Carolina Albuja Batallas, MPSA Class of 2019
- Where and with whom did you do your internship?
I did my internship at the Organization of American States (OAS) in Washington, DC. I worked in the Secretariat for Access to Rights and Equity.
- What were your primary responsibilities?
My main responsibilities were to conduct research about migration issues, specifically the causes of illegal migration and the effects of this problem in economic, social, and political terms. The main purpose of this was to create a pilot program to implement in different municipal commonwealths in Central America to address the roots of migration and to help these communities achieve economic development, justice, and security planning.
- Which of your previous classes or learning experiences were most useful to you during the internship?
While working with databases and survey construction, the analytical skills that I learned in Quantitative Methods I and II were both very useful. Also, Public Policy Formation gave me the necessary tools to make suitable policy proposals and communicate them in an adequate way.
- What were the highlights or most important learning opportunities from your internship experience?
The main highlights of this internship were working together with other international organizations and learning about the same issue from different perspectives. I was in constant contact with different agencies of the United Nations, the InterAmerican Development Bank, and USAID, among others. I was also working with experts on the subject, and they included me in all their projects, events, and meetings from the beginning. I was really pleased to be put under the spotlight in several meetings because they valued my feedback and were interested in the ideas I could propose.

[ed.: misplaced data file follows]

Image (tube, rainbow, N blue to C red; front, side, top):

- Do you have any advice for first year Bush School students who may be applying for an internship for this summer?
First, I highly encourage first year Bush School students to take advantage of the courses the Bush School offers to improve their analytical skills. They will definitely have better opportunities to get an internship if they know how to work with databases and propose policies based on what the data might be reflecting. Second, I recommend them to get in contact with second year Bush School students that had their internship in institutions they would be interested in applying to. Finally, I encourage first year Bush School students to be confident about their skills and abilities, because the Bush School does a great job preparing us to appropriately overcome the challenges we will face in the internship and succeed in it.